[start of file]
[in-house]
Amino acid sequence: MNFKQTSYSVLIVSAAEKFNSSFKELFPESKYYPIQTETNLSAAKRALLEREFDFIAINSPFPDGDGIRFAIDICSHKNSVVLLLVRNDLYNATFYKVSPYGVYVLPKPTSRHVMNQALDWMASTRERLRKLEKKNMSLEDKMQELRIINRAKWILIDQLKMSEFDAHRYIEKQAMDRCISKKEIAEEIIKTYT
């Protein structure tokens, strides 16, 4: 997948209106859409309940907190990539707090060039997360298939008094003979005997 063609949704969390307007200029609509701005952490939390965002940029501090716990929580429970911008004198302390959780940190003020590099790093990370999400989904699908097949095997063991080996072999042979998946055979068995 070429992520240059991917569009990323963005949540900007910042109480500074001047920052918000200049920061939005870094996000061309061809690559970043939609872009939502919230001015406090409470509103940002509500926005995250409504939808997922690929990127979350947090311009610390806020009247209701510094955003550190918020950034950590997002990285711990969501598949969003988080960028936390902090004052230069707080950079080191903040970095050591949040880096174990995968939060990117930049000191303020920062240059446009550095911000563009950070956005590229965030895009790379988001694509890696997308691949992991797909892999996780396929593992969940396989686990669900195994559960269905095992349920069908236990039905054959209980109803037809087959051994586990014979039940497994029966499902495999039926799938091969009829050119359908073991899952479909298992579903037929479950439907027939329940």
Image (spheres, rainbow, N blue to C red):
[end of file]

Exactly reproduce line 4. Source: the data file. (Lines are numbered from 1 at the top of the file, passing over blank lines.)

Image (spheres, rainbow, N blue to C red):